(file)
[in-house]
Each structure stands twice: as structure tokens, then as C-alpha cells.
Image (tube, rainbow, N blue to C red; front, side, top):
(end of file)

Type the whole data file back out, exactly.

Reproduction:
[in-house]
Each structure stands twice: as structure tokens, then as C-alpha cells.
Image (tube, rainbow, N blue to C red; front, side, top):